Winding down as a player, Martin began scouting for the Twins in 1961 and held that position for three quiet years. He had remarried in 1959 and had a son, Billy Joseph. In 1965 he accepted a job as third-base coach for the Twins, where he remained until the beginning of the 1968 season. Then he was sent to manage the Denver Bears, the Twins' top farm club. After a successful season there, he was offered the job as manager of the Minnesota Twins.
Martin brought the team to first place, from seventh the previous year. However, Howard Fox, the Twins' road secretary and an old enemy of Martin's, wanted Martin out. The Twins fired him, but the Detroit Tigers hired him for the 1971 season. Martin came on board, bringing with him his right-hand man, pitching coach and friend, Art Fowler, whom he had met with the Bears in 1968. The two worked wonders with the Detroit team, bringing it up to second place from fourth.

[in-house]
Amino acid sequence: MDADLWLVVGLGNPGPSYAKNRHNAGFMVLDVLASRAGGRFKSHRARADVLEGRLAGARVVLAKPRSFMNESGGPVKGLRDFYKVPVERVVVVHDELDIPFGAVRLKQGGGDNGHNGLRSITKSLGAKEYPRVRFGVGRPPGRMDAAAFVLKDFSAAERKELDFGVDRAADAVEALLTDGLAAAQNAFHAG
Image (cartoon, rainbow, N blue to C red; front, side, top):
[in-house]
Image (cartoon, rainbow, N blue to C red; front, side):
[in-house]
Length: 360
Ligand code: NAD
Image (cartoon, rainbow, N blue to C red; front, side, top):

The next year, the Tigers came in first place, even though they lost the playoffs to Oakland. By 1973, however, Martin wanted to trade some aging Detroit players for new blood, but the general manager remained loyal to his longtime players. The team slipped to third place, and Martin, blamed for the downfall, was let go.
One week after Detroit fired him, the Texas Rangers hired Martin as manager. The team did poorly during the first season but in 1974 moved up to second place. By 1975, however, a new owner would not renew Martin's contract giving him control over hiring players. The owner then fired Martin when the team's ranking dropped.